Describe who is covered by the Family and Medical Leave Act (FMLA) of 1993.
The Family and Medical Leave Act of 1993 (FMLA) is a federal law that requires larger employers to provide employees protected unpaid leave due to serious health conditions that limits the employee’s ability to perform their job, time to care for a sick family members, or to care for a new child, which includes birth, adoption and/or foster care.
Explain the extent to which an employer can make his or her own determination as to the eligibility of an employee under the Family and Medical Leave Act.
Prior to the provision of leave for family or medical reasons was left to the discretion of each individual employer.   Unfortunately, many employees would make the request for leave could be or would be denied without explanation and/or just cause.   Ultimately, the employees could be fired for taking family and medical leave.   When changing jobs, even within the same company, there was not a level of consistency for their requests, as no foundation was set to follow as a guideline.   Few employers who had formal leave policies, which they applied uniformly to their workforces while many others had informal policies and the granting of leave was dependent on the circumstances presented or personal interpretations attached.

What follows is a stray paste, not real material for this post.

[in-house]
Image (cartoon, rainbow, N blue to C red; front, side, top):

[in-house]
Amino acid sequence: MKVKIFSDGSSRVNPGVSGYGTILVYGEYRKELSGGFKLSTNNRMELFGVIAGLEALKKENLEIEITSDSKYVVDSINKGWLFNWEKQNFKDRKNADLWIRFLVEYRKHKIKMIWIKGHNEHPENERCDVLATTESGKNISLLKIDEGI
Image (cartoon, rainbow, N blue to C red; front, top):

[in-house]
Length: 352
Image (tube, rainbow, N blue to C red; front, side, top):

For employees to qualify for FMLA benefits, a employee must work for a business with fifty or more employees within seventy-five miles of their worksite, or a public agency; however, the fifty employee threshold does not apply to public agencies or local educational agencies.   They must also have been employed with the business for at least 12 months and this does not have to be consecutive or 1,250 hours within the last 12 months.
Moreover, the FMLA mandates unpaid, job-protected leave for up to 12 weeks a year for the care of a new child, regardless if for the birth or the adoption/placement of a child within foster care; to care for a seriously-ill family member;...